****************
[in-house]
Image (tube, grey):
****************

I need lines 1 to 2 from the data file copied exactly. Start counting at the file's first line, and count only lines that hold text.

[in-house]
Image (tube, grey):